American imperialism will not succeed in consolidating an empire where the British and French imperialisms have already failed. German imperialism is today encountering the obstacles that American imperialism must soon cope with. But neither contender for world supremacy will be able to solve these problems. The super-empires of tomorrow, projected by the insatiable appetites of imperialism, will have a far briefer life-span than today’s empires. They are all built upon shifting sands and great fissures appear in the very process of their construction.
Economic and political considerations alike reinforce the conclusion that American imperialism will be unable to enjoy its anticipated feast. The fruits of victory will turn into Dead Sea fruit in its hands.
The same conclusion follows even more forcibly in case of a defeat for American imperialism. In that event the social supports and political power of America’s 60 families will be immediately imperiled. The workers and farmers have little enough confidence in the Roosevelts and Knoxes, the Morgans and Rockefellers now. They will have even less as the war develops its terrible consequences. The last shred of respect for the plutocrats and their representatives will be destroyed if the war should end in a defeat à la Française. That defeat would immediately engender a revolutionary crisis within the nation.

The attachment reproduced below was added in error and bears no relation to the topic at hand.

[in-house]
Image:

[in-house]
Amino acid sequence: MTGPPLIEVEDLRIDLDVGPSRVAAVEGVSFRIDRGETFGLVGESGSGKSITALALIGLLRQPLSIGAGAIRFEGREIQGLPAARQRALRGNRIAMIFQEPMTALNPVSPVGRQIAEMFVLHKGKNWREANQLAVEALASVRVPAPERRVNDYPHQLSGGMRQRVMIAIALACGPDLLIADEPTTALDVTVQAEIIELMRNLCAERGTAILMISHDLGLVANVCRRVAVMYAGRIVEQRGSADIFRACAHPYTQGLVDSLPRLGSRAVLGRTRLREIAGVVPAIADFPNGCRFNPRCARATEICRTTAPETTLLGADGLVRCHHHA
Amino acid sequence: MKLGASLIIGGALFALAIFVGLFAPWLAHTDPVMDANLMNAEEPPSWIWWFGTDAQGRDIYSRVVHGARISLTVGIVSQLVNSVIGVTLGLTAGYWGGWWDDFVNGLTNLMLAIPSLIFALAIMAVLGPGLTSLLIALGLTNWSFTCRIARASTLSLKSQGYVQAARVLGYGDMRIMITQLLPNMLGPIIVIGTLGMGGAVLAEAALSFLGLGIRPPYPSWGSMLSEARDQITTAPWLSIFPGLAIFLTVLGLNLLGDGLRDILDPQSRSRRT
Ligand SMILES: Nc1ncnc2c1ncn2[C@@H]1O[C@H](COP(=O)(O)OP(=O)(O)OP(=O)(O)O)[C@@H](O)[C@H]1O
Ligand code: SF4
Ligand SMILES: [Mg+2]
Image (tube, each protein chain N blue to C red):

In victory or defeat, American imperialism finds itself confronted with this insoluble contradiction. It is obliged to reorganize the world solely in the interests of its own clique of monopoly capitalists, but the reactionary nature of those interests prevents it from successfully reorganizing the world. This imperative historical task can be fulfilled only along different lines, by an entirely different program and by other social forces.
Only the revolutionary vanguard of the working class, the sole creative historical force in our society, has a program to counterpose to the imperialist aims. Against imperialist world domination and national enslavement, the revolutionary workers set up their aim of international freedom through the self-determination of nationalities. Against endless wars of imperialist conquest, a Pax Americana or Pax Germanica, the revolutionary workers strive to eliminate war through a Socialist peace. Against nationalist hatreds and hostilities, the revolutionary working class proclaims and practices proletarian solidarity, the unity of the workers of all lands against their capitalist exploiters.
Against continued capitalist chaos, the revolutionary proletariat fights for a new social order based upon the overthrow of the exploiters. Against imperialist governments of the Fascist or democratic types, the revolutionary proletariat struggles for a Workers and Farmers Government, genuinely representative of mass interests. Against another League of Nations, backed up by American dollars, bayonets and battleships, the revolutionary workers call for a Free Federation of Peoples in a Socialist United States of the World.
This is the program of war-aims the Socialist Workers Party opposes to the war-aims of Roosevelt and Rockefeller.
Last updated on: 5.2.2006